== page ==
Bender v. Eaton

CourtUnited States State Supreme Court (Kentucky)
Citation343 S.W.2d 799
PartiesJoseph P. BENDER et al., Petitioners, v. Hon. C. Warren EATON, Judge of McCracken Circuit Court, Respondent.
Decision Date03 March 1961

Page 799

343 S.W.2d 799
Joseph P. BENDER et al., Petitioners,
v.
Hon. C. Warren EATON, Judge of McCracken Circuit Court, Respondent.
Court of Appeals of Kentucky.
March 3, 1961.

Page 800

William B. Bryd, Waller, Threlkeld, Whitlow & Byrd, Paducah, for petitioners.

Terrell, Schultzman & Hardy, Paducah, for respondent.

CLAY, Commissioner.

This is an original proceeding for an order prohibiting respondent from enforcing his circuit court order which requires petitioners to produce and permit an adverse party to inspect, copy or photograph medical reports of a number of physicians. The question involves the application of Rule 37.02 of our Civil Rules.

Although the point has not been raised by respondent, we have considered the propriety of the present procedural device as a means of questioning an interlocutory order of this nature. A special problem has arisen under our relatively new Rules of Civil Procedure when it is claimed the circuit court, by the entry of a pre-trial order, is proceeding erroneously. We will briefly re-examine the power, duty and method of this Court in the exercise of its original jurisdiction.

By section 110 of the Kentucky Constitution the Court to Appeals is given very broad supervisory control of lower courts. The exercise of this authority has no limits except our judicial discretion, and each case must stand on its own merits. Renshaw v. Cook, 129 Ky. 347, 111 S.W. 377; Rush v. Denhardt, 138 Ky. 238, 127 S.W. 785; Ohio River Contract Co. v. Gordon, 170 Ky. 412, 186 S.W. 178; Harrod v. Meigs, Ky., 340 S.W.2d 601.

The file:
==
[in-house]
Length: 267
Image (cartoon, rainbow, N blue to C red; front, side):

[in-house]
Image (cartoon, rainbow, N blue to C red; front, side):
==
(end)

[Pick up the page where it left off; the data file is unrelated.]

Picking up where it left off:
Relief by way of prohibition or mandamus is an extraordinary remedy and we have always been cautious and conservative both in entertaining petitions for and in granting such relief. This careful approach is necessary to prevent short-circuiting normal appeal procedure and to limit so far as possible interference with the proper and efficient operation of our circuit and other courts. If this avenue of relief were open to all who considered themselves aggrieved by an interlocutory court order, we would face an impossible burden of nonappellate matters.

Through the years this Court has consistently divided into two classes those cases in which we are called upon to exercise original jurisdiction. The distinguishing feature is whether the inferior court allegedly is (1) acting without jurisdiction (which includes 'beyond its jurisdiction'), or (2) acting erroneously within its jurisdiction. We are not now concerned with the first class of cases in which the controlling factors may be somewhat different from those which generally apply to the second class. See Chamblee v. Rose, Ky., 249 S.W.2d 775.

Page 801